Nokia’s Blue Ocean Strategy Essay.
In today’s overcrowded industries, competing head-on results in nothing but a bloody “red ocean” of rivals fighting over a shrinking profit pool. Some Companies are fighting for a competitive advantage or over market share while others are struggling for differentiation. This strategy is increasingly unlikely to create profitable growth in the future. Nokia , the Finland’s falling mobile phone company has seen its market share and share price tumbling dramatically by 90% since 2007 and the company is yet to achieve the comeback it hopes.
Instead of competing in such red ocean of bloody competition, Nokia should make smart strategic moves by creating uncontested market space that would make the competition irrelevant. Blue ocean is then concerned with unknown markets where opportunities abound. First of all, this study will critically be evaluating Blue Ocean Strategy by highlighting the six principles that Nokia can use to successfully formulate and execute Blue Ocean Strategies. Secondly, we will be focusing on the comparison and contrast of red and Blue Ocean, and finally, this assignment will concentrate on an explanation of the benefit and problems of Group Work.
Blue Ocean Strategy Blue Ocean strategy challenges Nokia to break out of the red ocean of bloody competition by creating uncontested market space that makes the competition irrelevant. Instead of dividing up existing and often shrinking demand and benchmarking competition, blue ocean strategy is about growing demand and breaking away from competition. This involves creating blue oceans in a smart and responsible way that is both opportunity maximising and risk minimising. Creating uncontested new market space
To win in the future, Nokia must stop competing with rival firms in the battle of smartphones because the only way to beat the competition is to stop trying to beat the competition since the rules of the game are yet to be set. Because operations improve, markets expand, and players come and go, it is a big challenge for Nokia to continuing creation of blue oceans. Here, the strategic move would be the right unit of analysis for explaining the creation of blue oceans and sustained high performance. A strategic move is the set of managerial actions and decisions involved in making a major market-creating business offering. Also, Nokia has to focus on value innovation which is the cornerstone of blue ocean strategy. But again, instead of beating the competition, Nokia should focus on making the competition irrelevant by creating a leap in value for buyers and the company, thereby opening up new and uncontested market space.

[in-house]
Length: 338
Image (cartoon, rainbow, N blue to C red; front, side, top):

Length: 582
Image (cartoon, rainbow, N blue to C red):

Formulating and executing Blue Ocean Strategy To succeed in Blue Ocean, Nokia has to take into account the principles and analytical frameworks that are essential for creating and capturing the strategy. Nokia’s executives have to be brave and entrepreneurial, they should learn from failure, and seek out revolutionaries. Effective blue ocean strategy should be about risk minimisation and not risk taking. The tools and frameworks presented include: * The strategy canvas: it a diagnostic and an action framework for building a compelling blue ocean strategy which serves two purposes.
First, capturing the current state of play in the known market space, allowing you to understand where the competition is currently investing, the factors the industry currently competes on in products, service, and delivery, and what customers receive from the existing competing offerings on the market. Second, Nokia’s executives should fundamentally shift the strategy canvas of its operations by reorienting the strategic focus from competitors to alternatives, and from customers to non customers of the business.
* The four actions framework consists of reconstructing buyer value elements in crafting a new value curve. These actions consist of eliminating the factors that Nokia takes for granted, reducing factors well below Nokia’s standard, raising factors well above Nokia’s standard, and creating factors that Nokia has never offered. * The Eliminate-Reduce-Raise-Create Grid is key to creation of blue oceans. The grid will push Nokia to act on all four to create a new value curve. By doing it, the grid will give four immediate benefits: * Pushing Nokia to simultaneously pursue differentiation and low costs to break the value-cost trade-off. * Lifting its cost structure and overengineering products and services